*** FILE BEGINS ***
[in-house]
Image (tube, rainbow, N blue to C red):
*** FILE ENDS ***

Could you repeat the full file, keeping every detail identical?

[in-house]
Image (tube, rainbow, N blue to C red):